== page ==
Wednesday, November 18, 2015


  • Is "out with the old and in with the new" my new mantra? But what if I can put the old purse INSIDE the new one? 

    Here's how this dilemma arose. When my husband's sister came to visit, of course she wanted to check out the local stores. Like their cousin who, during her visit, had talked me into buying a new purse last year, Nan is another great shopper. Didn't I already tell you that that family has the shopping gene?

    Well, last year's new bag was the first to have been bought well before its predecessor (a perfectly serviceable LLBean number I had found hanging on hook in my home, clearly discarded by some wasteful member of my family), had disintegrated. It usually takes a purse's fatal flaw for me to decide to move on, and even then, it rarely moves COMPLETELY on and out--just up to the bursting attic where such things reside. 

    As beautiful as last year's new combo purse/mini backpack (henceforth referred to as Beautiful Bag 1) was, it's a few notches too small. I kept trying to overlook this, thinking that it might be good for me to muster some discipline as part of my plan to learn to travel lighter. In fact, however, despite getting lots of compliments, that purse has been a source of frustration. My sunglasses have a big case that was never going to fit into that compact bag. Ditto for the sometimes necessary extra sweater. 

    I could mention at this point that I never seem to mind watching others purchase a pocketbook. So how did I go from encouraging my stylish sister-in-law to examine a "hip," burlap number for her daughter, to walking out of the store with a new bag for myself?

    I don't really know how it happened, but this new purse (henceforth referred to as Beautiful Bag 2) seems to have it all. First we made friends with the charming couple who owns the shop in Bolsena. Chiara and Walter are expecting their first child (their doctor even passed by and waved while puffing on his cigarette). They were eager to tell us about their great experiences in America where they had been guests of a Texan they had befriended in Bolsena. 

    Amidst the conversation, they suggested I take the bag outside, where its irresistibly intense blue color could be seen to better advantage. As it turned out, it was also on sale at a very good price, and Nan made me an offer I couldn't refuse. She was so sure it would be a good purchase that she decided to buy it for me.

    Further, the trauma of having to reorganize everything was forestalled by the fact that the old purse could fit neatly into the new. I have really appreciated that feature. 

    There is a coda to this story. Beautiful Bag #1 showed a defect this year: the lining tore very prematurely, and I had to decide what to do about it. How would an Italian handle this?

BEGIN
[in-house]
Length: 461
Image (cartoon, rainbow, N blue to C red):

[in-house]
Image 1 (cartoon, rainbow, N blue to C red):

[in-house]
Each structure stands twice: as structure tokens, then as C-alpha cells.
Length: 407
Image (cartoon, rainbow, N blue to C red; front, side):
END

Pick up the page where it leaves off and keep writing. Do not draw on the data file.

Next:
While showing my visiting daughter-in-law around this shop, I decided to see what it would be like to proffer a mild complaint in Italian. I showed the salesgirl my "piccolo problema" and she said they would be glad to send the bag back to Florence for a repair that might take ten days. In making that offer, she may have been thinking I was a tourist who would have declined her offer. But I LIVE here, so time was no obstacle. She might also have thought I'd be reluctant to empty my bag on the spot, but no. Little did she realize that she was dealing with a nut case who had arrived with bag #1 stuffed into newer bag #2.  Thus it was an easy matter to make the  transfer, and during the next ten days, I don't think I'm going to miss #1 a bit.

    Could there be something more at stake here? A moral to the story?

    Maybe "out with the old and in with the new" could be applied to my outmoded ways of thinking?

     While waiting for my older "new" bag to return, I'm going to think more about that. 



    Ten days for a repair? Well, a month went by with no news of wounded Beautiful Bag 1. So when new guests came and I showed them around the great store full of leather temptations, I asked about how the repair of my bag was going. A quick consultation between the nice saleswoman and the owner yielded an apologetic "It's on its way, Signora, and it will be here tomorrow." With Beautiful Bag 2 on my arm, I was in no hurry--just glad that they still had me on their Italian-style radar.

    I never believed the "ready tomorrow" story, and it took me another few weeks to get back there (I of course apologized for my delay). But to my amazement, when I showed up for the third time, they produced the repaired and polished Beautiful Bag 1. 

    So what did I learn from my first Italian attempt to see if the customer is always right? Well, if you go about your complaining nicely, you label your gripe as a "piccolo problema," and you are not in a hurry to get results, you, too, can end up with two purses that are in working order. 

    But really, who needs two fancy purses?

    I'm thinking that the now-pristine Beautiful Bag 1 deserves a rest after all that she's been through, and until further notice, I'm going to let her hang out on a decorative hook as an objet d'art. 

1 comment:

  1. I love Beautiful Bag #2. Tres Chic. Something I would definitely buy myself.
    As the facilitator of Beautiful Bag #1, I congratulate you and the facilitator of Beautiful Bag #2.

    Now that you have become such a pro, we look forward to your surprising us with Beautiful Bags #'s 3,4 and 5.